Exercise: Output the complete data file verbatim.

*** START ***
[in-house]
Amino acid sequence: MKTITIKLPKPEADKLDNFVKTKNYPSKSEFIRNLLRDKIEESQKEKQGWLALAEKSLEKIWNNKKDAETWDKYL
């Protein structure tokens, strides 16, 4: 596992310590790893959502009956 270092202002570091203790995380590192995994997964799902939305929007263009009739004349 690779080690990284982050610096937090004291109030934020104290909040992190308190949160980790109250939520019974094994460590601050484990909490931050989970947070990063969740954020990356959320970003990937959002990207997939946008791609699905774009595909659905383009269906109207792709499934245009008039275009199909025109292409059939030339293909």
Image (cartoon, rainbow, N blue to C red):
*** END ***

[in-house]
Amino acid sequence: MKTITIKLPKPEADKLDNFVKTKNYPSKSEFIRNLLRDKIEESQKEKQGWLALAEKSLEKIWNNKKDAETWDKYL
């Protein structure tokens, strides 16, 4: 596992310590790893959502009956 270092202002570091203790995380590192995994997964799902939305929007263009009739004349 690779080690990284982050610096937090004291109030934020104290909040992190308190949160980790109250939520019974094994460590601050484990909490931050989970947070990063969740954020990356959320970003990937959002990207997939946008791609699905774009595909659905383009269906109207792709499934245009008039275009199909025109292409059939030339293909």
Image (cartoon, rainbow, N blue to C red):